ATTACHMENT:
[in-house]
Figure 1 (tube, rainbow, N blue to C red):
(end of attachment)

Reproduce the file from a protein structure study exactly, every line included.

[in-house]
Figure 1 (tube, rainbow, N blue to C red):